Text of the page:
First, it was Syd’s album—sensual and nostalgic, Finis like the sweetest cotton candy flowing into your headphones. Next was Sampha—emotional and enthralling, Process is like being washed over by the most refreshing rainfall. Two R&B albums, released on the same day, but both touched different parts of my naked soul.
I thought it was all the R&B I needed for the month of February—to be frank, all the R&B I needed this year—but stumbling upon Sonder’s Into changed my entire mindset. It was their yellow font that grabbed my eye while browsing through Apple Music’s new releases—simple but bold. The dark, black photograph only helped the text jump out, like fireworks exploding in a cloudless night sky.
Pressing play on “Too Fast” was an action taken out of curiosity, but the vocalist had my attention in seconds. There was sorrow wrapped around the words, a tone that’s both soothing and melancholy. The production builds around that voice―soft strings, vocal samples, elegant snaps and striking drums. Halfway through, the song slows down, moving slower than Neo dodging bullets in The Matrix, but within the slowed tempo is where the music is the most grabbing; where the magic happens.
Instruments are added, the vocal track is given a touch of power, and by the last second I was ready to hit rewind, but the transition into the slow groove that is “Baldwin Park” was so smooth I was lost―the live drums and floating vocals dancing in the background were irresistible.
I was stuck between returning to the previous track and pressing forward into the unknown. Sonder put me under a spell, enchanted by the voice and the instrumentation. I had to know more. I had to hear more.
Brent Faiyaz is the vocalist, a Baltimore-born singer that isn’t faceless but is shrouded in mystery. He recently appeared singing a stellar hook on GoldLink’s latest single, “Crew.” Noise was made when he released the short, but impressive A.M. ParadoxEP. “Lovely,” the EP’s first song, is produced by Sonder—a combination that also includes Atu and Dpat, two promising producers who are part of the Soulection collective. When Brent, Atu and Dpat come together under the Sonder umbrella, it is a treat to lovers of R&B who desire a piece of the past but are still centered in the present.
Last year, Canadian duo Daniel Daley and Nineteen85 found success weaving the old with the new as DVSN, and after running through Into, Sonder’s debut album, I foresee similar success. There’s no Auto-Tune stealing the naturalness from his voice, the production isn’t drenched in lean and trap patterns, and even the subject matter is more intimate and in touch with emotions than proclaiming heartlessness. Sonder is for the lovers, not the savages.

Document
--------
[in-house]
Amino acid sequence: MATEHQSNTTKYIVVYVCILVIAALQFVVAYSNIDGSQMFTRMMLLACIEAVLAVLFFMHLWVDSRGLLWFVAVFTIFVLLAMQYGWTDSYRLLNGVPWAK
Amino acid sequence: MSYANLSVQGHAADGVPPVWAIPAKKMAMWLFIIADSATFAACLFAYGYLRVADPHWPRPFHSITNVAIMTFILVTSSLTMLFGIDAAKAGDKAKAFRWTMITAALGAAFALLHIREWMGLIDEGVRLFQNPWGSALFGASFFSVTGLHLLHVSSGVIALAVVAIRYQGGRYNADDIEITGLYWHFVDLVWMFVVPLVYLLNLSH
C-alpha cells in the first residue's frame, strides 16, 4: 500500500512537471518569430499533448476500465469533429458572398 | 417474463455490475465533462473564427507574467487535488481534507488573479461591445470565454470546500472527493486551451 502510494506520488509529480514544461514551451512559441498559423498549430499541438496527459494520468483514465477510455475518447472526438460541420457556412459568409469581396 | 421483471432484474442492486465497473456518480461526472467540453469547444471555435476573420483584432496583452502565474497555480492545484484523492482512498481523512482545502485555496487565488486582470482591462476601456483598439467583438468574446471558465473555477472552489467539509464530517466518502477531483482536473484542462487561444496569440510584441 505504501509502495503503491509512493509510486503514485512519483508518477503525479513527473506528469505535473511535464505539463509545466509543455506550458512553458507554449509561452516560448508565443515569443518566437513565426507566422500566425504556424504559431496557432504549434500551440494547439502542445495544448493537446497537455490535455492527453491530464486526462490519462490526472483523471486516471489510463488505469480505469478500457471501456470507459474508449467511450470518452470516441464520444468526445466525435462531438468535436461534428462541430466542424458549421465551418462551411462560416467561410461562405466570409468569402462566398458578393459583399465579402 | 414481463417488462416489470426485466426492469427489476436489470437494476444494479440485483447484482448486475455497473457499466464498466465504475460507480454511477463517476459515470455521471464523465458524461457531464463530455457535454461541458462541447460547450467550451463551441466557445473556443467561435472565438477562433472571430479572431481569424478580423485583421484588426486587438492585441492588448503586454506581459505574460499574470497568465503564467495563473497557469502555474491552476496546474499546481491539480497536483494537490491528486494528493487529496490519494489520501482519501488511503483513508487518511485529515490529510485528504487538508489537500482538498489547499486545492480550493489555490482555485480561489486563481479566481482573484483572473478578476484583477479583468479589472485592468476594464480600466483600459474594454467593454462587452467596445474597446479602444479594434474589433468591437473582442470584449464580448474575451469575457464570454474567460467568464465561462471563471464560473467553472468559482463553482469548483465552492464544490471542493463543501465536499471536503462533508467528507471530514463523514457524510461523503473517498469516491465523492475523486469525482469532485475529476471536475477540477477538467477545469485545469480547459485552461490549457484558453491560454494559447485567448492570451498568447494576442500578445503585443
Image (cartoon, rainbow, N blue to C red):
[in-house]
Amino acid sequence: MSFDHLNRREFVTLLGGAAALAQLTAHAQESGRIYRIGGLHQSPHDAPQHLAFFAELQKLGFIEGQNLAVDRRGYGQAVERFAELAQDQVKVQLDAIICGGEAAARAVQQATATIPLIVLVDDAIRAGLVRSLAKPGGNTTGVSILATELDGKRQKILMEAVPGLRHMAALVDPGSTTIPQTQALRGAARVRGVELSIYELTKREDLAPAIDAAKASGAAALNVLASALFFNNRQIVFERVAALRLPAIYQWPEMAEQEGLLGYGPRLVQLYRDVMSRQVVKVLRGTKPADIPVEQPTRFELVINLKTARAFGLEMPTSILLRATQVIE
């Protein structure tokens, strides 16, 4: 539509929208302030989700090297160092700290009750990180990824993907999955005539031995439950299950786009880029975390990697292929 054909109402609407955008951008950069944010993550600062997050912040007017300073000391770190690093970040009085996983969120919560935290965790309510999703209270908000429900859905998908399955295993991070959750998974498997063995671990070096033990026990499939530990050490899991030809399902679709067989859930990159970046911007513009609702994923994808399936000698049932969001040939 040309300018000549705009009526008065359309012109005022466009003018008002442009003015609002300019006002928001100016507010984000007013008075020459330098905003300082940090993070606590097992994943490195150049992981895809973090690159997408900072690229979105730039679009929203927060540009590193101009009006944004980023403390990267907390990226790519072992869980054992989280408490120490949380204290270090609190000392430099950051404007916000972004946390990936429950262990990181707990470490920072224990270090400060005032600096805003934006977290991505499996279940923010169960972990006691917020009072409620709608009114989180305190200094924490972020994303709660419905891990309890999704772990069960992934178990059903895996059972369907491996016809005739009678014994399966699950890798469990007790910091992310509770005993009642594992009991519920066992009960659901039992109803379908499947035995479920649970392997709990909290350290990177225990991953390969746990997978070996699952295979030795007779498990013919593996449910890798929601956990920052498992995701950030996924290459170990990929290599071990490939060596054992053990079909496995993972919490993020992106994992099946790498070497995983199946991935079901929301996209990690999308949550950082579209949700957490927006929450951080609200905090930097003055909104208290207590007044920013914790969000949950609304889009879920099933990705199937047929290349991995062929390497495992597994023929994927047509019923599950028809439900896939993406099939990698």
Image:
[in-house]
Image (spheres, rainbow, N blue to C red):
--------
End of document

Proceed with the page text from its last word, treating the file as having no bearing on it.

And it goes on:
NPR recently wrote that the song “Searchin” is more “Ginuwine than Bryson Tiller,” an accurate description of where their influence is rooted. There’s also a reference to the drum patterns being reminiscent of Timbo, which will truly take listeners back to the days when Aaliyah was our Princess, Bush was our President, and Prince was our immortal. “Searchin” does an excellent job showcasing a vocalist with range, producers with vision, and how this trifecta is able to bring out the slow, sultry and seductive R&B that could conquer quiet storm radio and bedrooms worldwide.
Atu and Dpat are well-known producers who specialize in R&B, using an approach to production that not only creates an environment for the vocals to stand out but also allows the music to remain at the forefront as Brent’s voice fades into the back. There are times when Brent simply allows strings to speak, keys to dance, chords to shimmy, and drums to bounce. He may be the only vocalist, but the group dynamic is prevalent on all seven songs.
“Feel” takes me back to before The Weeknd was a pop star, with vibes from a house once filled with balloons. “Lovely” is an ode to a stripper—the lyrics ache with infatuation, a song that has all the riveting emotions Drake couldn’t muster on “Diamonds Dancing.” On a Spotify playlist, it would fit perfectly between 6LACK and PARTYNEXTDOOR, but with a wider vocal range. My favorite might be “Sirens”—it’s a little more stripped-down, but gives Brent room to exhibit his captivating way of singing. When the beat switches it’s heavy, the drums are like meteors falling to the ground; the perfect explosion to match his singing against some unknown adversary. This is one record where the songwriting shines—fine storytelling.
All good things happen in threes: Pokémon games, ménage à trois, Migos, and now the excellent February R&B trio of Sampha, Syd, and Sonder. I know everyone expected SZA to complete the “S” trifecta, but Sonder is here to fill the void until she’s ready to give us Ctrl. What I like about Fin, Process, and Intro is how each act tackles familiar subjects with unique perspectives, distinct voices, and enthralling songwriting. All the attention, praise, and applause for all three is well-deserved.
2017 may be off to a slow start in rap, but R&B isn’t slacking. There’s plenty of smooth ear candy to go around.
By Yoh, aka Yohvolution aka@Yoh31.
Photo Credit: Instagram